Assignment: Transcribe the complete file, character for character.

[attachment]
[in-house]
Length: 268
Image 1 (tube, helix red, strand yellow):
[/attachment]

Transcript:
[in-house]
Length: 268
Image 1 (tube, helix red, strand yellow):